Giving Compass' Take:
- Angela Howe discusses how beach access has been historically withheld from communities of color and how the effects of discrimination and redlining are still felt today.
- How can you support efforts to restructure historically redlined areas to address the continued effects of segregation?
- Read about redlining in private investment.
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With summer coming around and COVID-19 travel restrictions loosening all around the country, Americans are eager to return to the great outdoors after a year-long quarantine. Of course, nothing says freedom and summer fun like a trip to the beach. But the role that ocean access plays in our lives is more complicated than just fun in the sun, as beach access in the United States has a dark history and there is a discriminatory side to it that is often overlooked. As part of our belief that beach access is an established right shared by all the public, Surfrider seeks to educate people about the systematic discrimination that has prevented and continues to prevent many Black, Indigenous, and people of color (BIPOC) communities from accessing a public resource.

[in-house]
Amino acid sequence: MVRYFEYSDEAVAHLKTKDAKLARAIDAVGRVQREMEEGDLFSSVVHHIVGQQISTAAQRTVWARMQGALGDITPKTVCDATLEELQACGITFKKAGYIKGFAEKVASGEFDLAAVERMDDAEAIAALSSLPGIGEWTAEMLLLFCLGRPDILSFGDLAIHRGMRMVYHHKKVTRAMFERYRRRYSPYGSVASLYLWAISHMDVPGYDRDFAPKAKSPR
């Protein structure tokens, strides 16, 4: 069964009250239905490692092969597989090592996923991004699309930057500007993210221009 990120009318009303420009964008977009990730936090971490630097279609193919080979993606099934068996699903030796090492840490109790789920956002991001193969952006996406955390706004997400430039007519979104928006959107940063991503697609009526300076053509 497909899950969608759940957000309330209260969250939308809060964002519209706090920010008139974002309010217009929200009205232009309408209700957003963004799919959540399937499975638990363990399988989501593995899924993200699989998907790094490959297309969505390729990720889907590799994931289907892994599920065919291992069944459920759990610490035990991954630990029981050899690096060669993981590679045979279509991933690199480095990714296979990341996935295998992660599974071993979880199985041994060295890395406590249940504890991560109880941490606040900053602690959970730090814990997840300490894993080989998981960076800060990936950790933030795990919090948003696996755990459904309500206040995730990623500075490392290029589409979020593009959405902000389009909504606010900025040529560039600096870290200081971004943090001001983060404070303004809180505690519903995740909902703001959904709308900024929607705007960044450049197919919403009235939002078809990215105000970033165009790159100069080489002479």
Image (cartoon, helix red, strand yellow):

Beach and water access has been historically kept from BIPOC communities, in some instances, through segregation and reinforced through threats of legal punishment or violence. An infamous example of this occurred on the Chicago shores of Lake Michigan in 1919, when white youth gang members stoned a Black teenager named Eugene Williams to death after he had accidentally drifted across a segregation line in the water. This sparked a race riot that lasted seven days and claimed almost forty lives.
A less visible way that systematic discrimination has been perpetuated in U.S. communities comes from the process of redlining. Redlining is a term that describes the systematic denial of various services to residents of specific neighborhoods or communities and is an example of historic discrimination in urban planning that is still felt by many BIPOC communities to this day. Through either a selective raising of prices or discriminatory laws that maintained segregation even after segregation was formally abolished in the 1960s, redlining was used to create unjust conditions against BIPOC communities. This means that, even after discrimination in the form of keeping people from using certain beaches or waterways due to the color of their skin was outlawed, the tools were in place to guarantee that segregation was essentially still in effect in many communities across America.
Read the full article about systematic discrimination in U.S. beach access by Angela Howe at Surfrider Foundation.